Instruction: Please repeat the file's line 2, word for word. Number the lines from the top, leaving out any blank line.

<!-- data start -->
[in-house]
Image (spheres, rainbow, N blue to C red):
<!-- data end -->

Image (spheres, rainbow, N blue to C red):